Thanksgiving might be a uniquely American holiday, but Black Friday seems to be going global. I read a number of things about Thanksgiving this week, extolling the holiday because of its lack of religious affiliation, I guess that depends on how one defines religion, Thanksgiving may well be devoid of traditional religious trappings but its about to be eaten up by America's chief religion--consumer capitalism. Black Friday--the kick-off to holiday shopping frenzy is beginning earlier and earlier and more and more workers are being forced to work on Thanksgiving as consumerism and its relentless need for fuel, for capital, turns a day that was marked by a certain home-boundness and family/friend dynamic is giving way to being little more than a fuel-stop in preparation for the real event, which is now the bargain shopping. You have to wonder about the psychology of it all, the fact that prices are slashed and sales are everywhere would seem to imply that regular prices have little or nothing to do with real cost and exist only to maximize profit--no brain-surgery needed to work that out, but what about offering lower prices all-year round and inviting consumer consistency and maybe loyalty.
But of course we are talking false desire here and the creation of it--consumerism has to create an event to overcome the lie--that we actually need or even want more stuff. I am not even being hyper-critical at the moment, just acknowledging what is. From a personal perspective, I can admit to being every bit as much of a consumer as most people, I speak from no aloof externality, I am in consumer culture, fight against and also go with it more often than not--I can be a victim of 'wanting something I didn't know I wanted-to feeling that desire that is almost uncontrollable at times when I set my desire on something that I want.'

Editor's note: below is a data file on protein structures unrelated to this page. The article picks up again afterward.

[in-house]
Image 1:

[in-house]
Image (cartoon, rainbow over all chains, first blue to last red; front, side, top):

I am not sure what the answer is to how we shift the ground. We have attached our cultural coattails to consumer capitalism and it has wrapped its tentacles around us tightly and pulls us continually, but something must be done. I think the answer is to become poorer in a sense. Gianni Vattimo, a philosopher whose work I have a lot of time for, has said that the excess of industrial irrealism suffocated communism; the excess of financial realism is now suffocating capitalism. Forced consumerism I call it, and I don't care for it. I do find something compelling in this animated talk given by David Harvey at the RSA in 2010. It was given in response to the banking crisis of that time, and therefore focuses on a narrower set of issues, but I think there is resonance here to long term needs and some nuggets to consider a way forward.
On another note, the image at the top of the post is from Peter Adamyan, who creates wonderful 3-dimensional paintings on wood, as well as traditional sketches, painting and posters,